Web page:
The above preview is unformatted text

This student written piece of work is one of many that can be found in our International Baccalaureate Biology section.

Found what you're looking for?

  • Start learning 29% faster today
  • 150,000+ documents available
  • Just £6.99 a month

Not the one? Search for your essay title...
  • Join over 1.2 million students every month
  • Accelerate your learning by 29%
  • Unlimited access from just £6.99 per month

See related essaysSee related essays

Related International Baccalaureate Biology essays

  1. Cell Membrane Structure and Function - revision questions and answers.

    substance and then the membrane pinches off to form an intracellular vesicle. How do vesicles interact with the plasma membrane and move substances into and out of the cell? They do so through pagocytosis (which digests large particles), pinocytosis (occurs when vesicles form around a liquid or around very small

  2. Testing the solute concentration of potato cells

    Overall seeing the mean and percentage change, it is considered good result. Despite the variation always accompanying to living organisms, the standard deviations are very low in that all trials have 0.2 cm except for one trial with even lower 0.1 cm.

  1. Biology Lab - frequency of cell division in animal and plant cell

    Table 2. Data collected while observing the prepared slides of whitefish blastula in class. Number of cells in phase was calculated by counting 20 adjacent whitefish blastula cells and the cell which are in interphase or actively dividing stage was determined.

  2. Penicillin - its discovery, properties and uses.

    medicine, they cannot define what component in mould that can remedy illness. Till 1600s, more and more knowledge in nature of medicine and also about antibiotics. One of the successful happened in 1884, a nurse in King's College Hospital had wounds that did not respond to any antiseptic, Lister gave Penicillium that cured her.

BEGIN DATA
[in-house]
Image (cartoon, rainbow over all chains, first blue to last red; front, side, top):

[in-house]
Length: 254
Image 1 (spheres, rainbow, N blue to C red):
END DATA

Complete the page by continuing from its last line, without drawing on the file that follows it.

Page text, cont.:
1. IB Genetic Unit Notes

    Males however only have 1 X chromosome and if this X chromosome is affected then they will have colour blindness. Haemophilia is a disorder in which the blood will not clot normally and they experience continuous, excessive bleeding. There are two types - Type A and Type B.

  2. Experiment Colours of Light (Wavelength) absorbed by green plant

    0.43 1.87 1.91 Table 5: The table above shows the amount of absorption of wavelength by the mustard sample exposed to different wavelength, referred to standard solution and taken in 3 different trials. Qualitative Data Observations Both spinach and mustard are green in colour Both spinach and mustard becomes softer

  1. Differences between prokaryotic and eukaryotic cells

    Rough Endoplasmic Reticulum- Studded with numerous ribosomes, which give it its rough appearance. The ribosomes synthesize proteins which are processed here. Golgi Apparatus- Another series of flattened membrane vesicles, formed from the endoplasmic reticulum. It has a job of transporting proteins from the RER to the cell membrane for export.

  2. Effect of Detergent on Membrane Permeability

    1. Change in Absorption Rate Percentage of Detergent Delta Absorption Rate (AU) ±0.001 AU 0% (Distilled Water) 0.048 4% -0.152 8% -0.329 12% -0.070 16% -0.319 Sample Calculation: 4% Detergent ΔAbsorbance = Initial Absorbance – Final Absorbance ΔAbsorbance = 0.775 AU - 0.623 AU ΔAbsorbance = -0.152 Data Analysis & Graphs:

  • Over 160,000 pieces
    of student written work
  • Annotated by
    experienced teachers
  • Ideas and feedback to
    improve your own work